While issuing his bullish assessment, Potter at the same time reduced his FY 2017 earnings estimate from $0.42/share to a loss of $4.83.  I shocked that this analyst was forecasting positive net income at all.  But a reduction in an earnings forecast of that magnitude would seem just too embarrassing to report.  Maybe Potter was indeed experimenting with LSD when he was thinking about his investment thesis.

As it is, TSLA uses “creative” accounting methodologies in recognizing “revenues” that would make Amazon’s Jeff Bezos blush with embarrassment.  The Company burned over $1.5 billion in cash in 2016 in its business operations.  This was covered by the most permissive credit and equity markets in U.S. history, which handed over a net $2.7 billion to the Company in  2016.

While the Piper “analyst” claims to have gotten to know the Company because he drove a Tesla around for seven months and met with Tesla’s IR team, he apparently eschewed real fundamental analysis in favor of “creative” methodologies.  The fact that TSLA’s actual vehicle deliveries declined in Q4 from Q3 was creatively removed from his hockey-stick earnings projections.

It will get really interesting  for Tesla when the  tax credits for the first 200,000 vehicle buyers expire. TSLA’s sales are being subsidized heavily by the U.S. taxpayer and yet the company has lost $1.5 billion on GAAP net income basis in which the “net income” was derived using a highly “creative” interpretation of GAAP accounting.   TSLA’s buyback guarantee, in which it has guaranteed the resale value on vehicles sold or leased up until August 2016, has already created a $2.3 billion future liability. Given the plunging prices in the used car market, it is likely that the true level of that resale guarantee is closer to $4 billion.

TSLA delivered 79k cars in 2016 while Ford delivered 2.6 million.  Yet the stock market creatively assigns a market value to TSLA that is about $5 billion higher than Ford’s.  It’s debatable whether or not Tesla will be able to start delivering its highly touted Model 3 before mid-2018 given TSLA’s track record of failure at meeting delivery schedules.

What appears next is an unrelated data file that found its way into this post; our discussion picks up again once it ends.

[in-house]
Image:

Quite frankly, what’s more amazing than Tesla’s ability to bamboozle investors into throwing more money at the Company’s cash inferno is the willingness of stock “analysts” like Piper’s Potter to release “creative” research reports that read more like “The Onion” than a responsibly prepared business model and projected financial analysis.

Tesla’s GAAP “book value” is listed at  $4.7 billion, or $32/share. Of that $4.7 billion, $3.4 billion is cash that will soon be burned away, leaving $1.3 billion in book value or $9/share. If we mark to market the car value guarantee, Tesla’s book value goes negative.  If we mark to market its $5.9 billion in PP&E, the book value becomes catastrophically negative.   The shorts who defy Elon Musk’s childish Twitter taunts and remain short will eventually make a fortune when reality inevitably seizes the stock market and takes “creatively” valued stocks like Tesla down their intrinsic value, which is close to zero.

Tesla Reports Another Fraudulent Quarter

Tesla created massive confusion in the financial reporting and analyst community by allegedly coming clean and report actual GAAP quarterly financial results for its 3rd quarter.  But of course, just like the entire U.S. Banana Republic, the use of extreme obfuscation, deceit, propaganda and lies once again is the norm with Tesla’s quarterly report.

TSLA’s use of revenue recognition, deferred revenue and operating leases and its definition of “free cash flow” are enough to create a dedicated forensic accounting case study at the University of Chicago Graduate School of Business, where I did indeed nearly ace a forensic accounting course.

I don’t have enough time to lay out all of specifics and I’m not getting paid to write this blog post – but suffice it to say that several items in Tesla’s financials this quarter serve as big red flag warning flares.  Of course, the market probably won’t care, as it seems that the market cap of a company’s stock is directly proportional to the grandiosity of the Company’s accounting abuse and fraud.  And there’s no one in DC to enforce the laws already in place that are designed to prevent this fraud because the guys running these companies make substantial contributions to the Establishment politicians – just ask Jeff Bezos and Hillary Clinton.